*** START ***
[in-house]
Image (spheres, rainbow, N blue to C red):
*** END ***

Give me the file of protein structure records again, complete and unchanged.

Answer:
[in-house]
Image (spheres, rainbow, N blue to C red):